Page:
Due to some imperfections in the data, some donations aren’t classified by province (in the Cons’ case totalling $54,199.70) or year (totalling $3,594,456.53), while others included in more authoritative totals seem to be missed entirely. And the 2010 numbers are even more spotty since they’re based on quarterly rather than annual data. But assuming there’s no systematic reason for particular types of donations being missed, we should still be able to draw some conclusions from the partial data.
Conservative Donations – 2007-2010 (partial)
So what can we tell from the above? On a first look, there are a few details worth highlighting – keeping in mind that with election years and incomplete data limiting the value of looking at the totals, the most important information figures to lie in the comparison between provinces.
To start with, the most remarkable trend in the few years of data is the Cons’ drop-off in Quebec fund-raising.
It’s not much of a secret that the Cons’ strategy from the end of 2008 onward has largely involved punting on the province aside from their then-current seats. But they didn’t seem to have a lot to lose to begin with, having never brought in so much as 10% of their annual fund-raising from a province with 23% of Canada’s population. And from that starting point, it’s stunning to see how their abandonment of Quebec played out from a fund-raising perspective – with a modest but significant drop in 2009, followed by a dive off a cliff in 2010 to the point where the Cons’ Quebec fund-raising rated behind that from each of Saskatchewan and Manitoba.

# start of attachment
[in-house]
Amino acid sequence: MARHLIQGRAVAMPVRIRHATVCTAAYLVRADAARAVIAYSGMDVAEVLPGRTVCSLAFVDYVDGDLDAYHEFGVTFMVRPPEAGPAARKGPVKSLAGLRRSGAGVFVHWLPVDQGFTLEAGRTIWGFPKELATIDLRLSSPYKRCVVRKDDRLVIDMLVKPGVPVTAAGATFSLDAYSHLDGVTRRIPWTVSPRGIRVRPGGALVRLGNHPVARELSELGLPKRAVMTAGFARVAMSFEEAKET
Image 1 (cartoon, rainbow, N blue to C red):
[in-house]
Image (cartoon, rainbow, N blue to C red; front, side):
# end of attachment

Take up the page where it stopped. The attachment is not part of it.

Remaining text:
Meanwhile, the Cons have found what strikes me as a surprising counterweight to make up for that Quebec decline.
I’d have expected the Cons to have maximized their western fund-raising long ago, while still having some room to grow in Ontario as they’ve expanded their vote totals there. But La Presse’s numbers show exactly the opposite.
In fact, the Ontario haul as a proportion of Con fund-raising has been relatively stable – which seems to signal that the Cons have already tapped the market to the extent reasonably possible. Instead, it’s the prairie provinces that have actually increased their relative contribution fairly steadily in recent years – with Saskatchewan increasing each year, Manitoba nearly doing the same, and Alberta seeing a striking jump in 2010, even as all were already contributing well above their share based on their population totals.
Finally, one other note of interest is the effect that Danny Williams’ ABC campaign looks to have had on the Cons’ fund-raising in Newfoundland and Labrador. Not that they started from much of a position of strength originally – but in both 2007 and 2009, the party actually managed to raise more from each of the Yukon and the Northwest Territories than it was able to bring in from a province with half a million residents and a nominally affiliated provincial government.